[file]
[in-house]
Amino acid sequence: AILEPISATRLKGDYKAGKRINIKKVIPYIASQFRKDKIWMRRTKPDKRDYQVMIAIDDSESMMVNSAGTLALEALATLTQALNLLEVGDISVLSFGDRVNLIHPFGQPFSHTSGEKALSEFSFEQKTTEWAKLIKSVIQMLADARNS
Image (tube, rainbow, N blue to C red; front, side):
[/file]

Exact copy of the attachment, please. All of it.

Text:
[in-house]
Amino acid sequence: AILEPISATRLKGDYKAGKRINIKKVIPYIASQFRKDKIWMRRTKPDKRDYQVMIAIDDSESMMVNSAGTLALEALATLTQALNLLEVGDISVLSFGDRVNLIHPFGQPFSHTSGEKALSEFSFEQKTTEWAKLIKSVIQMLADARNS
Image (tube, rainbow, N blue to C red; front, side):